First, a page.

The Real-Life Diet of Nick Carter, Who Muscled Through The Masked Singer in a Crocodile Suit -

The Real-Life Diet of Nick Carter, Who Muscled Through The Masked Singer in a Crocodile Suit

 The Real-Life Diet of Nick Carter, Who Muscled Through The Masked Singer in a Crocodile Suit

What do you like to listen to when you’re working out?

I’ve been listening lately to a lot of classic R&B music. Brothers Johnson, Dazz Band, the Spinners, Isley Brothers, Mary Jane Girls, The Whispers…a lot of Kool and the Gang right now.

What are your eating habits like?

What we eat and what we consume is obviously what we become. I have the celiac carrier gene, so I try to maintain a diet that is along the lines of gluten-free. One of my staples is fiber. High amounts of fiber. I recommend, like, 20, 30 grams of fiber a day at least. I substitute with psyllium husk, which I mix in before or after I eat a meal, so that way it can bind to the cholesterol in my body and help regulate it. A lot of times I’ll be eating a substantial amount of oatmeal throughout the week. I’ll put bananas, blueberries, honey, apples, oat milk in it.

Do you cook?

I love to barbecue. I try to get this wild-caught, sushi-grade salmon, which I really love. And I’ll pour a little olive oil over it, put some lemon pepper on it, and then I’ll sear it or grill it. I’ll cook ribeye or New York steaks on the grill, too, and season them with a dry rub. Sometimes I’ll just do steamed asparagus with a little butter over it, or also brown rice, which is another way to up the daily fiber intake.

As a lifetime performer, has it been difficult to be cooped up at home for so long?

When I’m on the road with the guys and I’m on tour, we’re doing two hours of dancing a night, five times a week. That definitely keeps the weight down, since it’s cardio. I put on my Fitbit, and I would average about 900 to 1,000 calories a night. I try to be more active than what I consume, and when you’re dancing, like what we do, you can pretty much eat whatever you want. So now that everything’s slowed down a little bit, I gotta adjust the calories in and the calories out. I feel like a retired football player or something, realizing how to live life without all the activity.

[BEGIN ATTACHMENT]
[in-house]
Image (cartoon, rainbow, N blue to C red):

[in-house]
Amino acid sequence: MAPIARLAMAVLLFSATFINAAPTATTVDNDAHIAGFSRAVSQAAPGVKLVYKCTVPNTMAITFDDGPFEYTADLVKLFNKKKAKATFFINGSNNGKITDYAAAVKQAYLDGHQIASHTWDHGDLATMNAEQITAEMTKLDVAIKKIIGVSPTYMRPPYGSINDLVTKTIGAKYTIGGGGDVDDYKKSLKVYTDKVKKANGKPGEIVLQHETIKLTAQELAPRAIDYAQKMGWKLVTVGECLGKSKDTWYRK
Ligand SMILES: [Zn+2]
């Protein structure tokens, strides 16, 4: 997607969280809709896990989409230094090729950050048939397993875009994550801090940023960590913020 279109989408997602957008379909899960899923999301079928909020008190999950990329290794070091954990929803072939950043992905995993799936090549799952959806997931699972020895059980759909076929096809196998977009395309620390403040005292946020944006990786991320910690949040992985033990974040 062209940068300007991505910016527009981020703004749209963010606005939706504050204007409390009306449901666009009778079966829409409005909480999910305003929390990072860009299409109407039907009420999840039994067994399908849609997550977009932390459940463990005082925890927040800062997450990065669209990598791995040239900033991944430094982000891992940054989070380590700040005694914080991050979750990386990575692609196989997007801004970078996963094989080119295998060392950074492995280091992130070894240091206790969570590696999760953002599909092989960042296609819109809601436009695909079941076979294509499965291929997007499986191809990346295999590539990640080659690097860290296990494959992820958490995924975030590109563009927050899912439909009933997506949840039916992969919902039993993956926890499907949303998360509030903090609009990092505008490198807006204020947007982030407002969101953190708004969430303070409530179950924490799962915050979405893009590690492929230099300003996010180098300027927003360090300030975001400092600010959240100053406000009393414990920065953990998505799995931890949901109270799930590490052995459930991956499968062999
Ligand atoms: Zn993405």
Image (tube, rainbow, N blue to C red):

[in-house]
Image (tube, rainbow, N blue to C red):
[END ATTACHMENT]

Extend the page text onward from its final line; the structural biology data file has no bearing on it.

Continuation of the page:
Would you typically not work out on days you’re performing?

Sometimes we would do upper body. The one thing we wouldn’t wanna do is too many leg workouts, because then we would have gelatin legs, and we wouldn’t be able to dance very well [laughs]. That’s why you gotta strengthen the legs up beforehand.

You just placed third in the newest season of The Masked Singer. What were the physical challenges of that insane costume?

It wasn’t as hard as people thought. When I had the tail on, I would accidentally hit people behind the scenes, and they’d have to kind of lead me down the hallway the right way so that I didn’t knock things over. I could complain, but I had a pretty decent deal. The only thing was that the mask in the front had to be screwed in in the back so it would squeeze my head, and then the front was weighted down a little bit. So it would kind of weigh down my jaw and push my jaw into my throat, which made it a little bit harder to sing. I’ve never worn anything like that in my life. I was gonna be on the last season, and I was involved in the designing of the turtle costume, but I’m actually happier that I got the croc because there were so many funny one-liners. 

You’ve talked openly about your cardiomyopathy diagnosis and how it led you to a sober and clean lifestyle. Did that transition have any effect on your energy levels?

I’m at a point in my life where I’ve found balance. I’m just really grateful to still be performing after 28 years. Thankfully, I have very high energy. It’s definitely changed and I’ve slowed down a tiny bit, but I always believe that I can jump right back on the horse and still have those same energy levels. I love playing basketball, I love playing sports, I take my son to the park a lot to kick around a soccer ball, shoot basketball, and all those things. I’m very fast-paced. I like to believe I still have the same amount of energy, just the priorities are a little different.

This interview has been edited and condensed. 

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